Knesset panel approves inquiry into political use of police investigations

This comes after a polygraph test conducted three months ago on Jerusalem District Commander Yoram Halev was leaked on Wednesday.

Jerusalem Mayor Nir Barkat, Police Commissioner Roni Alsheikh, Public Security Minister Gilad Erdan and Jerusalem Police Chief Yoram Halevy attend an inaugural ceremony for the first police station in Shuafat refugee camp on Sunday (photo credit: POLICE SPOKESPERSON'S UNIT)
Jerusalem Mayor Nir Barkat, Police Commissioner Roni Alsheikh, Public Security Minister Gilad Erdan and Jerusalem Police Chief Yoram Halevy attend an inaugural ceremony for the first police station in Shuafat refugee camp on Sunday
(photo credit: POLICE SPOKESPERSON'S UNIT)
The Knesset’s Internal Affairs Committee approved a proposal to set up a parliamentary committee of inquiry into claims that officials are using police investigations for political purposes.
This comes after a polygraph test conducted three months ago on Jerusalem District Commander Yoram Halevy was leaked on Wednesday. Halevy is a candidate to replace current Police Commissioner Roni Alsheikh, and said to be a favorite of Public Security Minister Gilad Erdan and Prime Minister Benjamin Netanyahu.
Channel 2 reported on Tuesday that Erdan will appoint one of the current police commanders to replace Israel Police Commissioner Inspector-General Roni Alsheich, whose contract will not be renewed for a fourth year.
The police commanders were required to undergo lie detector tests due to past incidents of improprieties by their predecessors.
Halevy’s test reportedly diagnosed a “personal problem” from many years ago that does not amount to a criminal act but characterizes a flaw in his conduct. The findings did not automatically invalidate Halevy’s candidacy but Erdan passed the results to the Justice Ministry.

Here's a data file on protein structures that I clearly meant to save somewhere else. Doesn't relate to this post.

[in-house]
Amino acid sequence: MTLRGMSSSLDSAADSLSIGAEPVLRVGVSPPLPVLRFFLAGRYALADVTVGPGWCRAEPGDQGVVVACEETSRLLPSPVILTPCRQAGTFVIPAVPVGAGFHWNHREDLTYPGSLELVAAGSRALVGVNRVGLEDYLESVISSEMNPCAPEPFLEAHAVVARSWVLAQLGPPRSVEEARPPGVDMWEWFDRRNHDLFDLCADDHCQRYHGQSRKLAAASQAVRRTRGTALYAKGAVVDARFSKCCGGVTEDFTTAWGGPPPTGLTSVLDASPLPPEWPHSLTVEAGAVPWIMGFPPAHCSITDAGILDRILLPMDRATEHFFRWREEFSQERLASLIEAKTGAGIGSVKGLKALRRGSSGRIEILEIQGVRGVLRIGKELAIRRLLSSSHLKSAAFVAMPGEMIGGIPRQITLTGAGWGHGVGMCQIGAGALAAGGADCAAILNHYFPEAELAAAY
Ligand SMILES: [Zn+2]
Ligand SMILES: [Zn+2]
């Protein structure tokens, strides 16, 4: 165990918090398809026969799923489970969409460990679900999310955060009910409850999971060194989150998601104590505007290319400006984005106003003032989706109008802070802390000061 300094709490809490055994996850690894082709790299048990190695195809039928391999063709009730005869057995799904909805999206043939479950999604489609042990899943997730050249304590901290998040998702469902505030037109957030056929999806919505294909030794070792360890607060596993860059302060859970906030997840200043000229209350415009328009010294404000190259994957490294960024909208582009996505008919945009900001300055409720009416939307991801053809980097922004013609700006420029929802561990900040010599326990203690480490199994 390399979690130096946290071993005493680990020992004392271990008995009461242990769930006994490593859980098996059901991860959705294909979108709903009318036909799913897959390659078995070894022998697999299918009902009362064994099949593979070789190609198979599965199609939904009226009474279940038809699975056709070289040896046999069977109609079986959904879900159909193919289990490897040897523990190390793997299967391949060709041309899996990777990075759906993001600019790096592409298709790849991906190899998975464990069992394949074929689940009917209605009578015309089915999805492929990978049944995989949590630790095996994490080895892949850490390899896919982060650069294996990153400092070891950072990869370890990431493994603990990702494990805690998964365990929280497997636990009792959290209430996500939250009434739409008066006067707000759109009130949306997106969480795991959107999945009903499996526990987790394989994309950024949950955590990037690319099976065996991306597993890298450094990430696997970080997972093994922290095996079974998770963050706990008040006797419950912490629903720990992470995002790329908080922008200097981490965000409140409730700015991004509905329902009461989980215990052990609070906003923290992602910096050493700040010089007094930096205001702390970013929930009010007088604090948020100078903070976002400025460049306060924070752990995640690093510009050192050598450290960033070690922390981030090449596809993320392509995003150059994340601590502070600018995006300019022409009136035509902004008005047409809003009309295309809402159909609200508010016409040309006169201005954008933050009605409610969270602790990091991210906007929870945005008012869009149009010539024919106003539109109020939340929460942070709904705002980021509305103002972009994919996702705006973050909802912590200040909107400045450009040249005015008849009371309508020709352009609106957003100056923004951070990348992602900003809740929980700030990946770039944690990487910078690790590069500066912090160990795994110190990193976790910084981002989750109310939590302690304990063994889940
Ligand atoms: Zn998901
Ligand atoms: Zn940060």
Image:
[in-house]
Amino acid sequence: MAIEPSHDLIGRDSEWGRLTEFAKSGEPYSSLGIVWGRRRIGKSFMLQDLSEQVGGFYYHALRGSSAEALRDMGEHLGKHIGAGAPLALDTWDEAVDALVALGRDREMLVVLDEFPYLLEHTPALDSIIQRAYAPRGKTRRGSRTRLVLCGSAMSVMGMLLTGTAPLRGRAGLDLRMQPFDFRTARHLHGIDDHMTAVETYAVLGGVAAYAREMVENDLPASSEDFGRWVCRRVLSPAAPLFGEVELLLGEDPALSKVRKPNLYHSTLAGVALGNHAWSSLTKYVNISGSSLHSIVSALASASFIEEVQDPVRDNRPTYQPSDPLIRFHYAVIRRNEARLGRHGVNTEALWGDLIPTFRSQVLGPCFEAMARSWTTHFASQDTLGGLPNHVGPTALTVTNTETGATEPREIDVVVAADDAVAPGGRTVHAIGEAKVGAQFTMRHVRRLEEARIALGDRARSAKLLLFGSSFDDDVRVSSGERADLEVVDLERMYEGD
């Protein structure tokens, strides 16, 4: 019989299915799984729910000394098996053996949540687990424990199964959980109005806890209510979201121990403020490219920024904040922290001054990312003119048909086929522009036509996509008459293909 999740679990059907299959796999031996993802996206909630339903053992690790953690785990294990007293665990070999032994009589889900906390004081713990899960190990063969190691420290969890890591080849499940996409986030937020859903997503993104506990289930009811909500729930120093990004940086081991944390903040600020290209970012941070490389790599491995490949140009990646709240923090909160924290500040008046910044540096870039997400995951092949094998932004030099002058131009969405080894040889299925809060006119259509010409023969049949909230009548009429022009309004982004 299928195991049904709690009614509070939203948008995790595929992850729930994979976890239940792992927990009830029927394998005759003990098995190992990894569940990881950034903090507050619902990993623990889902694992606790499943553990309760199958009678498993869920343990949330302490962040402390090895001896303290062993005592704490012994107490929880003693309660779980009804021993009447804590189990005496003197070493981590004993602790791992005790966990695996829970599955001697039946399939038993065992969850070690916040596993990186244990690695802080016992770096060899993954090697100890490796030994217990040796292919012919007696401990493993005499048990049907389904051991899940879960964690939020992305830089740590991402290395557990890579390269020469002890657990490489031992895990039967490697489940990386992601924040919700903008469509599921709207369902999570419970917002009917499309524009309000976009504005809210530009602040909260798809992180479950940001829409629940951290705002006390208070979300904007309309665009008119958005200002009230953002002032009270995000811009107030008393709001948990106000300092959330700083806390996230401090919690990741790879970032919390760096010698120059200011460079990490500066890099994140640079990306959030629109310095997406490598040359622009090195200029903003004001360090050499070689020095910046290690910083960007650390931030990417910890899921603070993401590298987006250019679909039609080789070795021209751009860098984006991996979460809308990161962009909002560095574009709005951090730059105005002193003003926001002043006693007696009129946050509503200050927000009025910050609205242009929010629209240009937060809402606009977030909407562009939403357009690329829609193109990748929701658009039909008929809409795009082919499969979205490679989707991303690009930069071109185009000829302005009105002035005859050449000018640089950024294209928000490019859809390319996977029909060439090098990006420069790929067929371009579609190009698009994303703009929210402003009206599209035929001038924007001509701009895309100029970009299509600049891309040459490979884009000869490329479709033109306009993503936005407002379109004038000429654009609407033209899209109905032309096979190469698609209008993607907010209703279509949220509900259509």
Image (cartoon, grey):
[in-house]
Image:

The commander of the Tel Aviv district, Major General David Bitan, and southern district commander Motti Cohen passed the test successfully while retired general Moshe (Chico) Edri has not yet undergone the test, according to reports.
MK Yoav Kish (Likud), who proposed the establishment of a committee of inquiry, opened the Knesset committee discussion on Thursday with reference to the leaking of Halevi’s test as an attempt to eliminate his candidacy.
“An attempt to thwart a candidacy for police commissioner is a dangerous move for Israeli democracy,” Kish said. “I have no personal acquaintance with Halevi. A police commander’s polygraph is leaked to the television, and whoever did it has an intention to put an X on him and thwart his candidacy. There is someone who is senior enough to be exposed to this material and decided for some reason that Yoram Halevy would not be a police commissioner, and this is a blow to the strength of the state and its security.”
In 2015, after Erdan decided to appoint Gal Hirsch as the new police commissioner, his candidacy was withdrawn when a police investigation was launched against him regarding allegations of illegal business dealings with Georgian government ministers. The investigation has yet to be closed and there are rife suspicions that he was set up and investigated purely so senior police officers could block his appointment.
Appealing to Alsheich, Kish said it was his responsibility to find out who was responsible for the leak of Halevy’s test.
He also said that the commission of inquiry would focus on the investigation against Hirsch and the “Yitzhaki Document” which lists all allegations against politicians, and has drawn criticism from the  Knesset Interior Committee.
Six MKs supported the proposal, three opposed and one abstained.

Gil Hoffman contributed to this report.